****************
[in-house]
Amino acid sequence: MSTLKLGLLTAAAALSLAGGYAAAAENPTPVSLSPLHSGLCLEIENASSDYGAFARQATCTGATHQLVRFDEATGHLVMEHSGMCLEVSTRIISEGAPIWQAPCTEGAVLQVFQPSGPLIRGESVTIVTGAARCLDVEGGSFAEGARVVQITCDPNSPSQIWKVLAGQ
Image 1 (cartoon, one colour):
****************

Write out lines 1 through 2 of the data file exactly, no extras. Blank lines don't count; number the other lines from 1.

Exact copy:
[in-house]
Amino acid sequence: MSTLKLGLLTAAAALSLAGGYAAAAENPTPVSLSPLHSGLCLEIENASSDYGAFARQATCTGATHQLVRFDEATGHLVMEHSGMCLEVSTRIISEGAPIWQAPCTEGAVLQVFQPSGPLIRGESVTIVTGAARCLDVEGGSFAEGARVVQITCDPNSPSQIWKVLAGQ